Maybe he was just a little nervous before the big moment. After all, he was auditioning to be not the next Prime Minister but three, like Lord Lundy, but the next Prime Minister but none! So a hand strayed towards his necktie before grasping his glass of water instead.
But all was ready – the gags prepared, the briefings read and re-read, the whips deployed to ensure a long list of Tory backbenchers with patsy questions about his brilliant “long-term economic plan”. As he took the first question, standing in for David Cameron, they cheered resoundingly, willing him to eviscerate his enfeebled opponents, represented at PMQs by the shadow Foreign Secretary, and – for this particular gig – the untried Hilary Benn. Surely nothing could go wrong.
Except that Benn failed to play his allotted part of straight man. First, with studied courtesy, he congratulated the Chancellor on becoming “First Secretary” and then asked all six opposition leader’s questions on the gravely, unremittingly serious issues of the Dewsbury 17-year-old who blew himself up, killing 17, the war against Isis and the flow of refugees across the Mediterranean from North Africa. Osborne had only a split second to decide whether to try his first joke anyway. He made the wrong choice.
With equal courtesy, Osborne welcomed Benn to his place, adding warmly that his father (the late Tony Benn) “would have been extremely proud to see him leading for the Labour party today”. And then he added: “On this side of the House we’re extremely relieved to see that there is no Benn in the Labour leadership contest but plenty of Bennites.” Whether, whatever his qualities, Jeremy Corbyn really qualifies as “plenty of” Bennites is doubtful. But that wasn’t the point, which was that this was so at odds with the tone Benn had set that it was bound to fall a bit flat.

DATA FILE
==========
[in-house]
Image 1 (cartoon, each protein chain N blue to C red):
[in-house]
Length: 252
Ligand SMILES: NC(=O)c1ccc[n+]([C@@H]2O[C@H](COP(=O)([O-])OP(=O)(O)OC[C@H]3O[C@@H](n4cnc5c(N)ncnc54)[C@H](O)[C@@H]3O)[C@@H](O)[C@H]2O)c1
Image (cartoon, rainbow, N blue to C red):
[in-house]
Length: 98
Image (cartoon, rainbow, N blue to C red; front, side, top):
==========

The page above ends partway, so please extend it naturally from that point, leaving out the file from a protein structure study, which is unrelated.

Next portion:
Which, to be fair, Osborne was as quick to realise as anyone, becoming equally serious in turn, thus depriving the backbenchers behind him of their chance to unleash their famous “wall of noise”. Nevertheless he did OK, even if his answers to Benn’s dangerously specific questions were occasionally a little incomplete.
“I noted that the Right Honourable Gentleman was not able to respond to the question I asked about the Turkish authorities,” said Benn, politely. When Osborne still didn’t answer the question – about whether the UK police were being alerted by Turkey about British minors heading for Syria – Benn, either out of kindness or because he forgot, didn’t press the point.
That said, Osborne fielded with some aplomb a series of questions from Labour backbenchers who were equally serious on subjects such as knife crime, rape and domestic violence. He could be forgiven for only saying he would “look specifically” into the day’s most esoteric question, from Labour’s Jim Dowd, on “calculation of public lending rights… being distorted by the increasing number of public libraries being run by volunteers”.
He did let his inner partisan off the leash towards the end, complaining that in 32 minutes no Labour MP raised the issue of (fast multiplying) jobs. But they hardly needed to, since the Tory backbenchers naturally asked about little else.
Sadly, his arch-rival Boris Johnson was – as so often – missing. But he is unlikely to have decided the game was up, any more, of course than Osborne himself, He’s still intact – even if like all auditions this one ended with a: “Don’t call us, we’ll call you.”Reuse content